Donald E. Morse

Donald E. Morse

DONALD E. MORSE (Boston, MA, 1936), Professor Emeritus of English and Rhetoric, Oakland University, Michigan, and Honorary Professor, University of Debrecen (UD), has been teaching at UD for over thirty years, including twice as Senior Fulbright Professor (1987–1989 and 1990–1992). Author and/or editor of sixteen books and over one hundred scholarly essays, he has lectured widely in Europe, the United States, and Asia. Among his books are The Novels of Kurt Vonnegut: Imagining Being an American (Praeger, 2003) and, with Csilla Bertha, A Small Nation’s Contribution to the World (1993), Worlds Visible and Invisible (Colin Smythe, UK, Barnes & Noble, USA, and Kossuth Egyetemi Kiadó, 1994). Bertha and he have translated several Hungarian plays, five of which were published in Silenced Voices: Hungarian Plays from Transylvania (Dublin, 2008). His most recent edited book is Irish Theatre in Transition from the Late Nineteenth Century to the Early Twenty-first Century (London, 2015). From 1984 to 2019, he chaired the annual International Conference on the Fantastic in the Arts. The University of Debrecen awarded him an honorary doctorate in recognition of his service to Hungarian higher education and in 2006 he received the Országh László Prize. Since 2007, he has been the Editor-in-Chief of the Hungarian Journal of English and American Studies.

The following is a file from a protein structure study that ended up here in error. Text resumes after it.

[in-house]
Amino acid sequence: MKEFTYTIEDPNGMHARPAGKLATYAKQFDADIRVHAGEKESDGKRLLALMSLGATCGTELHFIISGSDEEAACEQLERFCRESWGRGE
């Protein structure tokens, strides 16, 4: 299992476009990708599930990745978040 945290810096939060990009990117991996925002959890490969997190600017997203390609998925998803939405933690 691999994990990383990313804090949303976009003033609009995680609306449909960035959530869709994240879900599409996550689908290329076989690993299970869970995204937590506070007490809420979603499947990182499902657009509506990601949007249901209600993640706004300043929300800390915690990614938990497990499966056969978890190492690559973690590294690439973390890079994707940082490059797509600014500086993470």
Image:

“[…] between three to three and a half million Hungarians woke up the next morning to find themselves in a new, different, and mostly hostile nation with a distinctive new national language, history, and – quite often – a new state religion. […] Families were cut apart, children separated from


INTRODUCTION  I came to Hungary in the autumn of 1987 as a Senior Fulbright Lecturer in American Studies at Kossuth Lajos University that has since become part of the University of Debrecen. Hungary at that time was a police state under dictatorial communism with an active Secret Police, especially in